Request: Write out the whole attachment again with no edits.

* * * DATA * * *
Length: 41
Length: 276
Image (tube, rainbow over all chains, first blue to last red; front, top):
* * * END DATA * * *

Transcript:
Length: 41
Length: 276
Image (tube, rainbow over all chains, first blue to last red; front, top):